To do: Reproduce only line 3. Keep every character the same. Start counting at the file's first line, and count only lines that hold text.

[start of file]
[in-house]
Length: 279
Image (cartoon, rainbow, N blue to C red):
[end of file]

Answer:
Image (cartoon, rainbow, N blue to C red):